The packet pickup, held at Road Runners’ in Tualatin on Saturday, was well organized and ran smoothly. Runners were in and out in just a few minutes with goody bags in hand, that included samples from Clif Bar, BelVita, and Speed Stick, plus coupons for free Jamba Juice and Cinnabon Cinnamon rolls. Yum!
There was ample parking near the race start, and the Tualatin Police had roads blocked off and ready to go.This was my fourth year to run the Rum Run with my family, and my little group had runners participating in both distances. After a few years attending the same race you sort-of have a feel for how things go. I parked in the same place I always park, put on my bib, stretched, and made my way to the port-o-potty lines, before I found my pace group and lined up to wait.
The 10K had an 8:30 a.m. start, while the 5K started at 8:50. Both races had pace group signs with plenty of room to line up, and staggered starts which helped keep the runners from bunching up too much at the start.
Runners started on SW 84th St, and turned onto SW Boones Ferry Rd. before quickly leaving the road to run on the wide sidewalk along the edge of the Tualatin Community Park. After crossing the Tualatin River, we took a left turn and headed for Cook Park where we turned around and came back the same way we went out.
The 5K course was a fairly flat out-and-back starting and ending at the Tualatin Commons. Until last year, it was a mostly flat looped course with early, gradual elevation increases (and one small, but get-your-attention hill) followed by a long downhill along Boones Ferry Road and back into the Tualatin Commons. The course was changed last year, and unfortunately the same issues that were a problem crept back into play this year.
Once the 5K runners turn around to head back, they are going against the traffic of all the 5Kers who are still outbound. This is a significant issue for race leaders, but even middle-of-the-pack runners like me ended up trying to find running space and end up squeezing alongside the trail, running through bushes and trying not to step in any mole holes.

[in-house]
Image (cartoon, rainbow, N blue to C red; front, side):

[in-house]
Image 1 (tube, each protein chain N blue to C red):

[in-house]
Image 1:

The races both finish with a loop around the Tualatin Commons “lake”. As soon as you cross the finish line you are met with a nice finish chute and volunteers handing you your race medal. The commons area was filled with different vendors, including one of my personal favorites, Jamba Juice, which was busy handing out samples.
Once most of the runners have crossed the finish line, there were 1K age-group races around the lake for the youngest runners, and let me tell you, some of those 4 year olds can move!
The Rum Run still has the best post race food. The super-yummy Shoyu Chicken and Rice provided by Roxy’s Island Grill, is the perfect refueling option. Protein, carbs, sugar, and it’s easy on my sensitive post-race stomach.
My only real frustration with this race is the distance. Neither the 10K or 5K are “true” distances, with the 5K showing 3.39 miles, and the 10K, 6.35 miles (according to the maps provided by the Rum Run website). Most of the 5K runners I talked with post-race shared the same GPS reading I had for the 5K: 3.34 miles. It’s frustrating for those who train for a distance and have a race goal, only to find the course long.
Despite an unfortunate incidence this year, overall this is a great race, which is well supported and very enjoyable. I’ll probably be attending the Rum Run (along with my family) again next year.